Captivity & Slavery in American Essay
- Length: 7 pages
- Sources: 5
- Subject: Native Americans
- Type: Essay
- Paper: #89831904
Excerpt from Essay :
It is evident that in his case, he tried to improve his condition by looking at his captors as providing him with guidance, and it is in this perception that Equiano's journey becomes meaningful, both literally and symbolically, as he eventually improved his status in life by educating himself after being a free man.
Bozeman (2003) considered Equiano's experience as beneficial and resulted to Equiano's changed worldview at how he looked at slavery and British society (his 'captors). Bozeman argued that Equiano's worldview became "fluid," wherein
…he is exceptional among his contemporary British brethren: not only is he able to stand both on the inside and outside of the window of British society, Equiano can move efficiently between the two…Accepting the essence of who Equiano is, in the end, is to acknowledge the reality he was a living oxymoron perpetuating a simply complex life (62).
It is this "fluid" worldview that Equiano was able to remain resilient despite the worse conditions he experienced after being transferred from one slave owner to another. It is also notable that Equiano's trust in both his people and his captors remained even though he was betrayed by both, and again, it was his Christian faith that allowed him to carry on with his life without holding any grudge against his captors. For Equiano, he is on a journey, and for him, it is critical for him to reach the end, whatever the means he needs to go through to reach this end. As Bozeman attested, "Equiano's conditions are the exception, not the rule" (61).
Achieving Freedom of Mind: Rowlandson's 'Orthodoxic' versus Equiano's Fluid Worldviews
Rowlandson and Equiano's journeys highlighted how they prevailed in the face of a difficult undertaking, being held captive and experiencing both physical hardships and psychological trauma along the way. But their journeys are similar only to the point when they both remained resilient because of their Christian faith. Going beyond Christian faith, however, differences between the two emerged. In the previous section, it was mentioned that Equiano had a more fluid worldview of his experience with his captors, being a slave more than once, and eventually becoming a free man. Rowlandson was known for her consistent belief that the native Americans are savage people, and that her condition during and after capture was only attributable to God. Her 'orthodoxic' view of her captivity puts her in direct contrast to Equiano.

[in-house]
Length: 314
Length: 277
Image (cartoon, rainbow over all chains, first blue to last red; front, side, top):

Rowlandson's 'orthodoxic' worldview 'paralyzed' her, in effect, from understanding, or at least observing, her captors objectively. Extant literature analyzing her narrative provided a more in-depth look into her seemingly strong subsistence to orthodoxy and depiction of native Americans as 'savage people.' According to Burnham (1993), analyses of Rowlandson's text showed that her "rhetorical treatment of the Indians as devilish instruments of Satan becomes more and more conventional and pro-forma…her awareness that her captors…are not personally especially malevolent, becomes increasingly evident" (Slotkin & Folson, as cited in Burnham, 62). This demonstrates that Rowlandson's orthodoxic worldview is a deliberate choice in order to further reinforce her Puritan identity to her audience (readers). Rowlandson's choice to remain orthodoxic in her views even if her accounts indicate otherwise is the reason why she was not able to achieve her journey to freedom of mind. This refusal to have a free mind in dealing with her captors perpetuated the popular notion that indeed, native Americans are savages, as most Puritans in her time believed.
Through his fluid worldview, Equiano is able to achieve the freedom of mind and body -- becoming a free man with a free mind. Looking at his experiences of captivity and bondage, Equiano developed the goal to abolish the slave trade, completing his evolution from being a slave to being a Christian, then free man, to educated man, and ultimately, an abolitionist. Carrigan (2006) looked at Equiano's evolution to being a free man with a free mind as a result of his 'involvement' "in the mercantile economy of early capitalist oppression" that "entangles him in a system of complicity from which no straightforward teleological accomplishment will allow him to escape, save abolition" (46). Equiano's recognition of his experiences freed him from society's limited expectations of him as an individual, eventually motivating him to advocate for a cause that is truly meaningful and significant to him, which is the abolition of the slave trade system.
Bozeman, T. (2003). "Interstices, hybridity, and identity: Olaudah Equiano and the discourse of the African slave trade." Studies in Literary Imagination, Vol. 36, No. 2.
Burnham, M. (1993). "The journey between: liminality and dialogism in Mary White Rowlandson's captivity narrative." Early American Literature, Vol. 28.
Carrigan, a. (2006). "Negotiating personal identity and cultural memory in Olaudah Equiano's Interesting Narrative." Wasafiri, Vol. 21, No. 2.
Derounian, K. (1987). "Puritan orthodoxy and the "survivor syndrome" in Mary Rowlandson's Indian captivity narrative." Early American Literature, Vol. 22.
Equiano, O. (1789). E-book, "The interesting narrative of the life of Olaudah Equiano, or Gustavus Vassa, the African." Nuvision Publications. 2007.
Rowlandson, M. (1682). E-text of "The narrative of the captivity and the restoration of Mrs. Mary Rowlandson." Available at: http://www.library.csi.cuny.edu/dept/history/lavender/rownarr.html.